More than 25 percent of heritage sites in China are in "poor" and "relatively poor" condition, a five-year census on the country's fixed cultural heritage has found.
About 17.77 percent of the country's cultural relics are in relatively poor preserved condition and 8.43 percent are preserved in poor condition, Shan Jixiang, director of the State Administration of Cultural Heritage, said Thursday, citing census results.
The census, the third and the largest since the founding of the People's Republic of China in 1949, saw the registration of 766,722 fixed cultural relics, including those located underground and underwater. A total of 536,001 were newly registered.
"(These results) have raised higher requirements for our country's cultural relics management, protection, scientific research and utilization," Shan said.
Shan added that related laws and regulations should be improved and public awareness should be boosted, while increasing protection investments as well as strengthening the preservation abilities of cultural heritage institutes.
The census, which cost 1.5 billion yuan (237 million U.S. dollars) and involved about 50,000 workers, recorded basic information of all fixed ancient sites.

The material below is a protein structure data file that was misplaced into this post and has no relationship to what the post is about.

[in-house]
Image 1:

The United Nations Educational, Scientific and Cultural Organization (UNESCO) seeks to encourage the identification, protection and preservation of cultural and natural heritage around the world considered to be of outstanding value to humanity. This is embodied in an international treaty called the Convention concerning the Protection of the World Cultural and Natural Heritage, adopted by UNESCO in 1972.
Up to Now, 40 noteworthy Chinese properties were inscribed on UNESCO's World Heritages List. Among which, 29 were inscribed as World Cultural Heritage Sites, while 7 were inscribed as World Natural Heritage Sites, and 4 were inscribed as both Cultural and Natural Heritage Sites.